Does your spouse or partner have to pay for your care?
If you’re wondering whether one partner in a couple is liable for the other’s care costs, generally speaking the answer is no.
Age UK have produced an excellent factsheet to help answer questions about paying for care if you have a partner, and it’s worth reading: Paying for care in a care home if you have a partner.
Keep in mind at all times, though, that:
The only time anyone should be asked to pay for care is once it has been clearly shown that they are not eligible for NHS funding. So, if a person with health needs requires full time care, no one should carry out a financial assessment or ask about their money until an assessment for NHS Continuing Healthcare has been carried out – and a proper decsion has been reached about who is actually responsible for care costs.
Paying for care if you have a partner
If you do have to undergo a means test, always remember that:
- this should only look at the assets/savings of the person needing care – not the partner
- the partner who does not require care should not be left in fiancial hardship after their spouse’s/partner’s assets have been means tested
- if the partner who does not need care is still living in the house, and this is jointly owned, it must be disregarded while the remaining partner is living there
- generally speaking you should each be treated as separate individuals as far as your money is concerned, even if you both need care at the same time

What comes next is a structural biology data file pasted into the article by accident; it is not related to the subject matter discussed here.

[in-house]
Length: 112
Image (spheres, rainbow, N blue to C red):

- it’s important to consider ongoing house maintenance costs (insurance, heating, etc) when being means tested, so that there are enough funds to maintain the property, especially if the stay in care is temporary
But remember, this only applies if you’re not eligible for NHS Continuing Healthcare funding – and that should be assessed first.
Regardless of your current health, and regardless of who actually has to pay for care, be sure also to have a Power of Attorney in place, so that someone you trust can act on your behalf if needed. This is such an important point. Trying to deal with health and social care authorities without one can be extremely difficult.
Also, always take independent financial advice before you make decisions about your money, especially when it comes to care fees. There are many potential pitfalls. Be sure that any adviser you speak to understands the CRAG rules inside out (Charging for Residential Accommodation Guide).
Read the AgeUK report here: Paying for care in a care home if you have a partner.